What was the reason for the Arts and Crafts Movement?
The Arts and Crafts Movement began with the use of machines producing low-quality goods during the industrial revolution. While it may not have been the sole reason for the Movement’s conception, mass production was one of the reasons for its creation in the 1860’s. The debate on if the movement is still relevant could simply be answered that it is not. However there are other factors that suggest otherwise.
The Arts and Crafts Movement at its core was an attempt to revive medieval craftsmanship in both design and architecture, which spread from England to America. The need for the Movement was caused by the “machine [which] had stamped out taste in industrial products”. The opportunity for machine use was a significant reason as to why the quality of goods dropped. The blame, however, cannot be laid on these machines but the people who controlled what the finished products looked like. One of the biggest aims of the Movement was to reclaim and reintroduce a quality of work that had begun to be lost and forgotten because of the industrial revolution. With the creation of Morris, Marshall, Faulkner and Co. became one of the early examples of how to integrate designers into the production process.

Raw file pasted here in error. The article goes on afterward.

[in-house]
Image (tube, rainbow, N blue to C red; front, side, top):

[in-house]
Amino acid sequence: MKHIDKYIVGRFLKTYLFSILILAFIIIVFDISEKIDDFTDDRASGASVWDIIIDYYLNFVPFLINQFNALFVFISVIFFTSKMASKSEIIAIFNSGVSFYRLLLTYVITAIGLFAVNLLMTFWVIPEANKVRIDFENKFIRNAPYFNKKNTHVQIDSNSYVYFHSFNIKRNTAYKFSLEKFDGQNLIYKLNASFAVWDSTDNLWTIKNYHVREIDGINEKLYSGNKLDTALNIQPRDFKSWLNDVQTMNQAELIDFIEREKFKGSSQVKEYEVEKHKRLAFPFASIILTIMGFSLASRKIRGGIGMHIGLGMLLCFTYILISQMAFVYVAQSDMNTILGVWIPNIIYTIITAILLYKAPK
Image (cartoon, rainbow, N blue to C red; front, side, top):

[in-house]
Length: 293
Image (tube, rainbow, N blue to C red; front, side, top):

Socially, these concerns and motivations caused a struggle industrially to produce quality work but also provided an opportunity for women to “feel less marginalized by their own lack of real power over their lives”. Despite this somewhat begrudging inclusion of women into the design process of products, it provided them with an opportunity to become skilled with a type of labour available to them at the time, which is a minor improvement regarding employment. There was also an idea that employers abused the rights to their employee’s labour, which at the time was true. Children were employed at increasingly young ages, and employees had to work twelve hours a day in incredibly poor conditions.